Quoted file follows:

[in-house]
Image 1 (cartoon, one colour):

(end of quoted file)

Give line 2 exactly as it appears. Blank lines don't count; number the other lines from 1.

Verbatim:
Image 1 (cartoon, one colour):